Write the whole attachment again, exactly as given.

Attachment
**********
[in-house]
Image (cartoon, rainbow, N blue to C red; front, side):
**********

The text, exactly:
[in-house]
Image (cartoon, rainbow, N blue to C red; front, side):